After the eruption of Mount Ontake on September 27, Japan’s Kyushu Electric Power Co. has announced plans to continue with the restart of its two Sendai reactors, which are located 50 km away from the still active volcano of Sakurajima. Those plans are meeting with local protest, which the utility company must theoretically overcome in order to go ahead with restart plans set for early 2015. Several media and scientific outlets have challenged the reactivation of Japan’s nuclear industry in light of Ontake’s eruption, which Japan’s scientific community failed to predict, and which has so far claimed the lives of more than 50 people.
On October 8, Kyushu Electric submitted an extension of its safety measures that were approved in September by the Nuclear Regulation Authority, which include more detail on plans to deal with a volcanic eruption near its Sendai plant. The September report already included provisions for a volcanic eruption, but the utility likely felt pressure to make more details of its plan public after last month’s eruption. Kyushu Electric says it will halt operations if researchers indicate a large eruption could occur and then will remove the nuclear fuel from the site, in a process that would take up to five years. The company will receive data on “seismic and tectonic observations” annually, and make that information available to the NRA. If the company deems a situation dangerous enough to warrant removal, company researchers would notify the president, who then would make a decision.
The troubling issue with this plan of action is that it has very little oversight built in, from the government or the NRA. While Kyushu Electric does offer to make its research available to the regulator, there is so far no mention of how the utility might be forced to reconcile itself with independent research, nor mention of the government’s ability to shut down the facility if it is deemed at risk. An additional concern is the company’s own admission that there is no set plan for the removal of fuel rods, should it prove necessary. A spokesperson said that the issue would be “considered when we are actually given orders to do so.”Enjoying this article? Click here to subscribe for full access. Just $5 a month.
On October 9, residents living near the Sendai power plant met with NRA officials to voice their concerns with the potential restart. It was the first of five meetings that will be held by next Wednesday, and was attended by the governor of Kagoshima prefecture, Yuichiro Ito, as well as Satsumasendai’s mayor Hideo Iwakiri. There is so far no clear bar that Kyushu Electric must clear in order to have effectively gained the local communities’ consent. Ito maintains that approval is needed only from the prefectural government and the host city of Satsumasendai, yet two other nearby communities have formally petitioned the governor to seek their approval as well before consenting. To make matters less clear, the newly appointed Cabinet minister in charge of the industry, Yuko Obuchi, has said “obtaining consent from local communities is not a legal requisite for a restart.”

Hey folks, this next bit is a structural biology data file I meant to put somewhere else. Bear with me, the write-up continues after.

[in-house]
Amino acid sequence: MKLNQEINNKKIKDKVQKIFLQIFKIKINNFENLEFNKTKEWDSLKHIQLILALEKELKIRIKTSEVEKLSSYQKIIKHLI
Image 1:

The remaining issue is the level of unpredictability still inherent in monitoring volcanic activity. Utilities like Kyushu Electric have stated that they would be able to detect an eruption large enough to endanger their reactors from any of the nearby volcanoes. The head of the NRA, Shunichi Tanaka, went even farther after nuclear concerns were raised following Mt Ontake, saying “it is unscientific to discuss different events at the same time.” While the level of an eruption on Mt Ontake’s scale might not threaten the Sendai plants, the head of Japan’s Meteorological Agency said this latest eruption was “beyond our ability to predict.”
Assuming that an eruption large enough to affect the Sendai plant would indeed be within the scientific community’s ability to discern, would they be able to detect it five years before it happened? The timeline for effective shutdown and the complete removal of potentially dangerous fissile material does not appear to conform with the still relatively unpredictable nature of volcanoes, or other catastrophic seismic activity. Determining what Kyushu Electric deems an acceptably low level of risk consequently remains unclear as well.